airport_transferbarbathtubbusiness_facilitieschild_activitieschildcareconnecting_roomcribsfree_wifigymhot_tubinternetkitchennon_smokingpetpoolresturantski_in_outski_shuttleski_storagesmoking_areaspastar
Sign In
Sections
Follow Us
add to wishlistsCreated with Sketch.

Where to Find the Best Jamaican Cuisine in New York City

Picture of Nikki Vargas
Travel Editor
Updated: 31 January 2018
Whether it’s Vietnam, Thailand, Morocco, or Ethiopia, each month Culture Trip scours New York City for authentic global flavors. On the next episode of the original Culture Trip series, Hungerlust, we head to Manhattan’s East Village to get a taste of Jamaican culture and cuisine.

It’s a chilly, January morning in New York City when we arrive at the colorful enclave that is Miss Lily’s 7A. With pastel pink brick walls and a red awning, the second outpost of the Jamaica-inspired restaurant stands out like a flamingo amongst the grey, glass and concrete that defines the city.

Miss Lily’s in New York’s East Village
Miss Lily’s in New York’s East Village | © Amanda Suarez/Culture Trip

Inside Miss Lily’s, the vibe is that of an eclectic 1980s diner merged with a Caribbean beach shack. Color is everywhere—from the blue accented bar stools to the photography splashed walls—the decor is transportive, outmatched only by the rich smells emanating from the kitchen. At the helm of the restaurant stands Chef Andre Fowles, a Jamaica native from Kingston.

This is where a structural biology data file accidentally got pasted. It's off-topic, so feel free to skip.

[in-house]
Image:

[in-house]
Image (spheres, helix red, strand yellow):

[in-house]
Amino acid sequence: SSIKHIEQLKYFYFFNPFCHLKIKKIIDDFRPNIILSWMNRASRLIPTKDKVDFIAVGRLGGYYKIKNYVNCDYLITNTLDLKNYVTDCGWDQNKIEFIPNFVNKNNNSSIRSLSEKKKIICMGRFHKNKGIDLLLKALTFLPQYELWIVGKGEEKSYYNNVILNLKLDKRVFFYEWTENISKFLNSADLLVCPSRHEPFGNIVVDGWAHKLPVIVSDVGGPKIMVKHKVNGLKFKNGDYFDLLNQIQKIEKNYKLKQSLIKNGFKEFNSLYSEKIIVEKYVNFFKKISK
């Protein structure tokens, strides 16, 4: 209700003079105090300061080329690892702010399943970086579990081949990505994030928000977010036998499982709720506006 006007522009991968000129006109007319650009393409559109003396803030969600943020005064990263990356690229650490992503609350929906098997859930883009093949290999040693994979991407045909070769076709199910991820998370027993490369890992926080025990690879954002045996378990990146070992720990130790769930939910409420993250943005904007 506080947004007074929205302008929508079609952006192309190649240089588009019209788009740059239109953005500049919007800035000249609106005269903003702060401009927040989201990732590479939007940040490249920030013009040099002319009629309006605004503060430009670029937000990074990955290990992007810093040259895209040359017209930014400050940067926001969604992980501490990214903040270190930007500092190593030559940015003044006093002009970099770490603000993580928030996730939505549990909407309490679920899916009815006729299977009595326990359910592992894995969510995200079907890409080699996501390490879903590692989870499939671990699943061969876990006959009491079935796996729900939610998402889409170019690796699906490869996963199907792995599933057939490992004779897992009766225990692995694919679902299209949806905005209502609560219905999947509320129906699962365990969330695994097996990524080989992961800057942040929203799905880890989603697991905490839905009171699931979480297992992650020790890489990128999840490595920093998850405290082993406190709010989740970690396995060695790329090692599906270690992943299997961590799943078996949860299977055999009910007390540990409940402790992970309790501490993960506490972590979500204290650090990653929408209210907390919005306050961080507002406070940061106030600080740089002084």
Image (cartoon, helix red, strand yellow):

You may have heard of Chef Fowles from such popular shows as Food Network’s Chopped—where he was crowned winner— or Cooking Caribbean, where he competed against three chefs. Chef Fowles is a born and bred Jamaican who attended culinary school on the island before getting his start cooking at the renowned Round Hill Hotel and Villas. Today, Chef Fowles can be found in NYC, injecting the city with some Caribbean-inspired flavor and flair.

Chef Andre Fowles of Miss Lily’s
Chef Andre Fowles of Miss Lily’s | © Amanda Suarez/Culture Trip

Spicy and colorful, the only way to describe Jamaican cuisine is that it pops. Colors pop off the plate, jerk flavors pop off the palette, spice from scotch bonnet pop off the tongue. There is nothing dull or forgettable about Jamaican cuisine and, especially, about Miss Lily’s 7A where dishes such as jerk ramen and curry goat stew are served.

For this episode of Hungerlust, Chef Fowles served us Hellshire Fried Fish whose namesake comes from Hellshire Beach, about half an hour outside Kingston. Said to be a Sunday morning favorite for locals, Hellshire Fried Fish is usually enjoyed beachside with a mandatory side of sand between the toes; but here in NYC—where snow boots have replaced flip-flops—the sand will have to be imagined.

Hellshire Fried Fish at Miss Lily’s, NYC
Hellshire Fried Fish at Miss Lily’s, NYC | © Amanda Suarez/Culture Trip

Binge on Culture Trip’s Hungerlust series and watch our episodes on Vietnam, Thailand, Colombia, Morocco and Ethiopia (featuring celebrity chef, Marcus Samuelsson)!